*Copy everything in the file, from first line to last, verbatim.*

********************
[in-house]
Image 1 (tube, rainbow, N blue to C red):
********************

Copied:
[in-house]
Image 1 (tube, rainbow, N blue to C red):